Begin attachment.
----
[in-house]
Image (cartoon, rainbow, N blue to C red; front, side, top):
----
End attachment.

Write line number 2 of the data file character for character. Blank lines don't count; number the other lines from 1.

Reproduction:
Image (cartoon, rainbow, N blue to C red; front, side, top):